WASHINGTON (AP) — President Donald Trump fired Secretary of State Rex Tillerson on Tuesday and said he would nominate CIA Director Mike Pompeo to replace him, ending Tillerson's difficult tenure by tweeting an ouster that had been long expected and yet was shocking in its abruptness.

15. AP FACT CHECK: Trump's trouble with numbers -

WASHINGTON (AP) — President Donald Trump has a creative approach to numbers. Whether he's talking about a half dozen or a half trillion, he tends to make them what he wants them to be.

So it was at a political rally on the weekend following days of rhetoric on many fronts. A look at a selection of his statements over the past week:

16. Does Cohn's exit mark end of Trump's Goldman era? -

WASHINGTON (AP) — Has President Donald Trump's romance with the Goldman Sachs crowd gone cold?

Top economic adviser Gary Cohn is only the latest Goldman figure to head for the White House exits, suggesting the influence of the oh-so-establishment banking powerhouse has been overwhelmed by the more nationalistic voices in the West Wing.

17. Trump announces stiff trade tariffs, unswayed by warnings -

WASHINGTON (AP) — Unswayed by Republican warnings of a trade war, President Donald Trump ordered steep new tariffs on steel and aluminum imports to the U.S. on Thursday, vowing to fight back against an "assault on our country" by foreign competitors. The president said he would exempt Canada and Mexico while negotiating for changes to the North American Free Trade Agreement.

18. Trump readies tariff plan rollout, exempting Mexico, Canada -

WASHINGTON (AP) — After a week of hints and uncertainty, President Donald Trump said Thursday he would soon announce tariffs on imported steel and aluminum but would offer temporary exemptions to Canada and Mexico. He suggested Australia and "other countries" might also be spared, a shift that could soften the international blow amid threats of retaliation by trading partners.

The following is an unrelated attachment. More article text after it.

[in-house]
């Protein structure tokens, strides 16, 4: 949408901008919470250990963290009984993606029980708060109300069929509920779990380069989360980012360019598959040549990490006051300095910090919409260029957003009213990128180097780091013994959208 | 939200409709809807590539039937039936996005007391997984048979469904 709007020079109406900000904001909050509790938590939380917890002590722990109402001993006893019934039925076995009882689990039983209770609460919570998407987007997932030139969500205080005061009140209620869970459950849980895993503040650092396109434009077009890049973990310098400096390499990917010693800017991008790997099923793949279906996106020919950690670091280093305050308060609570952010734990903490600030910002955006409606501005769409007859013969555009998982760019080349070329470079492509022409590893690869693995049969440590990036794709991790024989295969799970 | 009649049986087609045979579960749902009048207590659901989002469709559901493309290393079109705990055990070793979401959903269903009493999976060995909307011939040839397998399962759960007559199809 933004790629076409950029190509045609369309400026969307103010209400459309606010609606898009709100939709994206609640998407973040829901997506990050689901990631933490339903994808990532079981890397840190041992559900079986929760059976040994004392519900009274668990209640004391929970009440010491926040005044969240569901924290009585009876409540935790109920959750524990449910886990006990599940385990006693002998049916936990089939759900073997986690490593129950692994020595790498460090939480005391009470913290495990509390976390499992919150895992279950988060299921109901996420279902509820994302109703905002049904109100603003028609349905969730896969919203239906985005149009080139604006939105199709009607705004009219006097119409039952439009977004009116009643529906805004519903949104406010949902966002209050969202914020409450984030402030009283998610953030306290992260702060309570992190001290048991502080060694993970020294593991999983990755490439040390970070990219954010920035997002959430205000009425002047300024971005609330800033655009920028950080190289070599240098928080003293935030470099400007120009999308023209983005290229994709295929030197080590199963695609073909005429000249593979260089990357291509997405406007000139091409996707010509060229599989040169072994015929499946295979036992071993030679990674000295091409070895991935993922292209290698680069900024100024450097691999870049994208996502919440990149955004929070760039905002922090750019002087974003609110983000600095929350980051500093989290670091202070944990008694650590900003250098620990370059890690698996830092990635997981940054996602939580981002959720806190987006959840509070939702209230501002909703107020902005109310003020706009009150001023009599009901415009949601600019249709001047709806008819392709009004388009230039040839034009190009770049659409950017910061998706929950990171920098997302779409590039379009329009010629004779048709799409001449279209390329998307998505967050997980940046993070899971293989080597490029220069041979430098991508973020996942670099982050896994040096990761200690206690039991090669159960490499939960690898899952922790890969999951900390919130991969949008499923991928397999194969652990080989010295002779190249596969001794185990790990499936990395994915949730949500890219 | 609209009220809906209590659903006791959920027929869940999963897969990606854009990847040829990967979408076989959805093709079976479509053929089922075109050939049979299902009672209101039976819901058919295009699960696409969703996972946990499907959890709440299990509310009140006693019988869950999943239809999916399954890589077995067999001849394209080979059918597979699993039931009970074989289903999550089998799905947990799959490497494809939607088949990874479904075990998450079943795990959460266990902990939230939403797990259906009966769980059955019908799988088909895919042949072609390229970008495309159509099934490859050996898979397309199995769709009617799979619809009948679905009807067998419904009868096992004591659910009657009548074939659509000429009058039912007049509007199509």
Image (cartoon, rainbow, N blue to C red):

19. Why Cohn's departure raises doubts on Trump economic agenda -

WASHINGTON (AP) — Not long ago, Gary Cohn was laying out an ambitious 2018 economic agenda for the Trump administration.

20. Mexico, Canada and others might be exempted from US tariffs -

WASHINGTON (AP) — The White House said Wednesday that Mexico, Canada and other countries may be spared from President Donald Trump's planned steel and aluminum tariffs under national security "carve-outs," a move that could soften the blow amid threats of retaliation by trading partners and dire economic warnings from lawmakers and business groups.

21. EU ready for a 'stupid' trade war if Trump slaps on tariffs -

BRUSSELS (AP) — The European Union says it's ready to retaliate against the U.S. over President Donald Trump's proposed tariffs on steel and aluminum — with counter-measures against iconic U.S. products like Harley Davidson motorcycles, Levi's jeans and bourbon.

22. Wave of exits from West Wing sparks talk of brain drain -

WASHINGTON (AP) — President Donald Trump once presided over a reality show in which a key cast member exited each week. The same thing seems to be happening in his White House.

Trump's West Wing has descended into a period of unparalleled tumult amid a wave of staff departures — and despite the president's insistence that it's a place of "no Chaos, only great Energy!" The latest key figure to announce an exit: Gary Cohn, Trump's chief economic adviser, who had clashed with Trump over trade policy.

23. EU ready to retaliate against Trump's proposed trade tariffs -

BRUSSELS (AP) — The European Union warned Wednesday that it is ready to retaliate against the U.S. over President Donald Trump's proposed tariffs on steel and aluminum, with counter-measures against iconic U.S. products like Harley Davidson motorcycles, Levi's jeans and bourbon.

24. Stocks wobble as Trump's top economic adviser departs -

NEW YORK (AP) — "What does it mean for trade?" That question continued to guide Wall Street Wednesday, leading stocks to a mixed finish after President Donald Trump's top economic adviser resigned after opposing the administration's planned tariffs on imports of steel and aluminum.

25. Ryan wants Trump to take 'surgical approach' on trade -

WASHINGTON (AP) — Worried about economic ramifications, House Speaker Paul Ryan called on President Donald Trump to back away from his plan for broad international tariffs, arguing Tuesday that a "more surgical approach" would help avert a potentially dangerous trade war.

26. Trump, Canada's Trudeau talk trade and NAFTA in phone call -